You will never meet anyone quite like Lukresia. There is something both audacious and otherworldly about the Cebu-based model and designer’s style—which is avant-garde and vaguely Mugler-esque—and the way they carry themselves. Going through Lukresia’s feed is like watching a rare talent you can’t believe is still here.
My favorite photo of Lukresia from their social feed is of them inside a public bus. It’s an evocative picture—a skimpy, banana leaf bikini top and beads over a thin black headscarf all in the middle of a commuting milieu. It looks reckless, dynamic, and spunky, as if their very presence is able to queer up and elevate spaces. It’s fashion but radical and Filipino. That online moniker @thirdworldbb then? Spot on.
We talked to Lukresia about Cebu’s fashion scene, reclaiming “bayot” and “boang,” and taking their rightful place in fashion.
The bb in thirdworldbb is from bayot boang. Why did you choose to reclaim that?
[Bayot] is generally how one would describe a queer person in Bisaya. Although it is dynamic, it has unfortunately become a slur used mostly by cis people to project prejudice. [But] when we say it among queer people, it is empowering. I had it tattooed to try to reclaim the beauty in the word. For boang, which literally means eccentric or crazy, I am one.
[But] these are [only] words and labels and we barely need them. I got it on my skin as a personal decision to remind myself of my worth and I refuse to have “love yourself” tattooed on me.
Do you have any thoughts on how queerness intersects with fashion, especially now that there are more calls for fashion to be more intersectional?
Fashion and queerness are symbiotic. We run fashion. Without us, fashion would be bland. Can you imagine? That’s a bold statement, but I live by it. [But] there is a thing about tokenizing queer people. My wish is for us to be genuinely appreciated.
How did you get into fashion? When did you know that you wanted to be a designer and a model?
FashionTV at 5 a.m. before school [when I was in high school]. I was already into sketching and mimicking how models would walk, but at [that] point I still [hadn’t] thought of this as my passion. [It was] only when I was in college studying restaurant management that I wondered why I was there and [I realized] that I needed to be somewhere else—and now the bitch is here.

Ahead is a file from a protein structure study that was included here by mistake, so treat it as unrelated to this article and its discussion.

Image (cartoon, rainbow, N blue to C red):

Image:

What’s the Cebu fashion scene like?
I would just describe it as still, you know, like… water.
I am fashion. The world needs to see me. I will go global with our backyard with me.
Some of my favorite sets from you are where you’re out in public living your best life, disrupting the people around you, like in your street photos or that set where you’re posing inside a bus. However, I’d assume that not everyone is as receptive to seeing someone so confidently different and that does feel like it has the potential to put you in an unsafe or dangerous situation. How do you navigate that?
For the longest time I kept myself within the walls of our household. I didn’t have the confidence to even wear shirts without sleeves as I was too insecure about my arms being broad and the list goes on.
I couldn’t point out exactly when I developed my confidence, but I’m happy I did. It greatly helps if you surround yourself with people who are genuinely appreciative of what you do.
My friends in Cebu don’t relate with my work. Most of them work for corporate. They don’t understand what and why I do what I do but they love seeing me do my sh*t. It is a different dynamic when I see my friends over in Manila. They get it, they just do. I’m grateful that I get to experience and share this divergence because although [my circles] differ, the love is there. When you know you are appreciated, that’s when fear of outside judgment gets erased.
What’s in store for Lukresia? Do you have any plans to walk runways abroad?
Of course! That’s always been the goal. I did not tune into FashionTV at 14 years old for me not to actually be there. I have to be there. I am fashion. The world needs to see me. I will go global with our backyard with me. It is the only way and it’s on its way. It’s what we deserve.